March is all about variety. Fantasy films, cop dramas, murder mysteries, and documentaries-it’s got it all. Both big budget Hollywood extravaganzas and off-the-grid indie productions are coming our way, with a multitude of genres well represented. Oh, how frustrating! So many movies…so little time.
Alice in Wonderland (March 5)
58 years after their 1951 release of Alice in Wonderland, Disney is issuing a live-action version of the classic tale by author Lewis Carroll. The Mad Hatter, the Cheshire Cat, and the Red Queen are all back, and this time in 3D.
Springing from the imaginative (and possibly mildly unstable) mind of Tim Burton, there will undoubtedly be new twists on the familiar story. And with a rumored $250 million budget, the very best in visual effects is a given. The excellent cast is the icing on the cake, including Johnny Depp, Helena Bonham Carter, and the relatively unknown, but promising Mia Wasikowska as Alice. This one should be a box office destroyer.
Rated PG for fantasy action/violence involving scary images and situations, and for a smoking caterpillar.
Brooklyn’s Finest (March 5)
Training Day‘s Antoine Fuqua is back to direct this cop drama of intertwining stories about one officer nearing retirement, another facing a moral crossroad who has to determine how far he’ll go to provide for his family, and a third whose loyalties are shaken after dissolving into the double-life of the undercover agent.
Fuqua proved with Training Day that he knows how to dramatize the cop life and tell a compelling story about the dangers and temptations these men face in the line of duty. Richard Gere, Ethan Hawke, Don Cheadle, and Wesley Snipes have all shown up for this one. Now Fuqua has to prove that he’s not a one-note director and that he can tell a familiar story with a fresh spin.
Rated R for bloody violence throughout, strong sexuality, nudity, drug content, and pervasive language.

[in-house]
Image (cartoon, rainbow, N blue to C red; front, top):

The Red Riding Trilogy (March 19)
Adapted from English author David Peace’s Red Riding Quartet, The Red Riding Trilogy is a series of fictional films that draws together a whole host of characters, all of whom have been affected in one way or another by the “Yorkshire Ripper,” the real-life serial killer whose reign of terror held England in its grip in the 1970s and 1980s.
The three films-1974, 1980, and 1983-are directed by Julian Jerrold, James Marsh, and Anand Tucker, respectively, and with the exception of Sean Bean, feature a mostly unknown but talented cast. Early reviews are mixed, but enough critics are raving about the production-including Joe Neumaier of the New York Daily News who calls it a “towering and emotionally complex achievement”-that it should be well worth a look.
This film has not been rated by the MPAA.
Repo Men (March 19)
Jude Law and Forest Whitaker are armed, dangerous, and ready to take your spleen. Literally.
In an advanced future, a company called The Union has made the medical breakthrough of synthetic mechanical organs and has made them available to the public . . . for a high price. Miss a payment and they’ll send their repo men after you to reclaim their property. However, when Jude Law’s Remy wakes up with a Union-created heart after suffering cardiac arrest, he has to take a hard look at his line of work. When he arrives at the wrong conclusions, he finds himself on the run and being hunted by his former partner Jake (Whitaker).
If the trailer is any indication, Director Miguel Sapochnik’s first major feature appears to be a winner. Sci-fi and action fans should put this one at the top of their list.
Rated R for strong bloody violence, grisly images, language, and some sexuality/nudity.
The Art of the Steal (March 26)
What is one to do with $25 billion worth of Post-Impressionist and Modern art?
If you’re Dr. Albert C. Barnes, you apparently hide it away 5 miles outside of Philadelphia and tell the elitist art community that they will never, ever get their hands on it. In 1922, he created The Barnes Foundation as an educational foundation and as the repository for his massive collection which contains pieces from some of the best known artists in history, including Picasso and Matisse. After his death in 1951, the collection passed into the hands of the diminutive Lincoln University. Now a handful of powerful entities who want to bring the collection to a new museum in Philadelphia have gone to court to have their will done. However, a group of students hoping to stop the move stands in their way.
No film is more interesting than a well-done documentary on a compelling subject, and this story of “will they or won’t they” looks very well-done indeed.
This film has not been rated by the MPAA.